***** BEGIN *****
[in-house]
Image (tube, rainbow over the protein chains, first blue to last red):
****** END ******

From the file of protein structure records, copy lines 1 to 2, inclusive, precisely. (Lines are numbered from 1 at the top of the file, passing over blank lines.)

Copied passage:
[in-house]
Image (tube, rainbow over the protein chains, first blue to last red):